Archive

Archive for the ‘Lebanese Literature’ Category

Bread by Tawfiq Yusuf ‘Awwad

November 1, 2015 12 comments

Bread by Tawfiq Yusuf ‘Awwad 1939. French : Le pain by Toufic Youssef Aouad. Translated from the Arabic by Fifi Abou Dib.

Le pain et la liberté. Un homme peut-il s’en passer ? Bread and freedom. Can one live without them?

 

aouad_painOur Book Club choice for October was Bread by Tawfiq Yusuf ‘Awwad. It’s the English translation of the French title and this novel is not available in English. If you want to read something by Tawfiq Yusuf ‘Awwad I can recommend the excellent Death in Beirut.

Before talking about the book, it’s important to know a few historical facts because Bread is set in Lebanon in 1916. I hope I’m getting this right. During WWI the Ottomans ruled Lebanon and had arrived in the area in November 2014. They were established in Aley and Jamal Pasha was the governor at the time. There were upheavals against the Ottomans, from Lebanese and Arabic groups who fought for Lebanon’s independence. The Ottomans hung some of these fighters on May 6th, 1916 in Aley. During summer 1916, Hussein bin Ali, Sharif of Mecca started the Arab Revolt against the Ottoman Empire. From 1915 to 1918, there was a terrible famine in the Mont-Liban area. 120 000 to 200 000 people died from starvation. The famine was mostly the consequence of the blockade on wheat declared by Jamal Pasha. You can find an article about this here.

Bread is a militant novel written in a poetic style. It’s one of the first Lebanese works of fiction. We’re in Saqiet-el-Misk, where the main source of income came from the immigration to America. Sami Assem is a nationalist militant who fights against the Ottoman occupation. He’s been noticed by the power and he’s now hiding in a cave in the mountains. His lover Zeina brings him food and the last news of the country. But he gets impatient and decides to go out to regroup with other militants. Unfortunately, he kills a deserting soldier on the way and is captured. He’s sent to prison in Aley. The Ottomans make the people believe he and his warden escaped from jail and were killed. Zeina is desperate and decides to take action, even if it means getting closer to an Ottoman governor who fancies her…

It is an extremely interesting novel from an historical point of view. With my French-centric vision, 1916 is the year of the battle of Verdun. Bread showed me a bit of what was happening while the French poilus were in the tranchees. With the famine, people live in survival mode. Black market strives; some sell their house to get get and buy bread, some women sell their body to put food on the table. Some collaborate with the Ottomans, and some join secret groups to fight against the enemy.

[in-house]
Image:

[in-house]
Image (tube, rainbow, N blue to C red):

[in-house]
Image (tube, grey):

The most difficult parts to read were about the famine. One of the characters is a little boy, Tom. He lives with his mother, his grand-father and his harlf-sister Zeina. His mother Warda neglects him and Zeina, his half-sister feels responsible for him.  As mentioned before, at some point, she leaves him behind to join the revolt. He fights to survive and eat and finds himself in the city among beggars. Men patrol in the city to take away the corpses of those who starved. Tawfiq Yusuf ‘Awwad describes an awful scene:

Il y avait là une femme, étendue sur le dos, envahie de poux. Un nourrisson aux yeux énormes pendait à son sein nu. L’un des hommes la poussa du pied et attendit…Tom e mordit les doigts et fit un pas. La tête de la femme était renversée et ses cheveux épars. De sa poitrine émergeait un sein griffé et meurtri que l’enfant pétrissait de ses petites mains et pressait de ses lèvres, puis abandonnait en pleurant. There was a woman, lying on her back, covered with lice. An infant with huge eyes was hanging to her naked breast. One of the men pushed her with his foot and waited…Tom bit his fingers and stepped forward. The woman’s head was tipped back and her hair was sparse. From her bosom jutted out a scratched and battered breast that the infant kneaded with his tiny hands and squeezed with his lips, then gave up and cried.

Terrible scene to read. I can’t imagine what it was to live it.

There’s a lot to think about in this novel. It describes the revolt of the Lebanese and the Arabs and the discussions between Sami Assem and some Arabic fighters already show the differences between them. They are fighting against the same enemy but not for exactly the same reasons. The tensions between Christians and Muslims are already palpable.

From a literary point of view, I think that the characterization of the novel is a little weak. I would have liked to know more about the characters, their motivations, their psychology and their past. The style is very poetic at times, like here when he pictures the advancing Arabic army:

Sur la vaste terre, dans l’immense plaine qui n’a pas de frontière et que la lune recouvrait d’un fabuleux dais d’argent, sous la coupole d’un bleu pur où scintillaient des milliers d’étoiles, une caravane avançait entre ciel et désert. On the vast land, on the immense plain that has no border and that the moon covered with a fabulous silver canopy, under the pure blue dome where thousands of stars sparkled, a caravan moved forward between heaven and desert.

Some other war scenes reminded me of this painting, El Tres de Mayo, by Goya: